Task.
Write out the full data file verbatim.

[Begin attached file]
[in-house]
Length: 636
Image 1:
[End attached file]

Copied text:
[in-house]
Length: 636
Image 1: